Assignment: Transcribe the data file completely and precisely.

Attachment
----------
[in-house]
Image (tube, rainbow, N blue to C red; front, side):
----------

[in-house]
Image (tube, rainbow, N blue to C red; front, side):